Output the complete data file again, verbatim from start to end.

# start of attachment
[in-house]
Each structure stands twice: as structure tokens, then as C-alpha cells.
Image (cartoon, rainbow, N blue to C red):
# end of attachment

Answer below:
[in-house]
Each structure stands twice: as structure tokens, then as C-alpha cells.
Image (cartoon, rainbow, N blue to C red):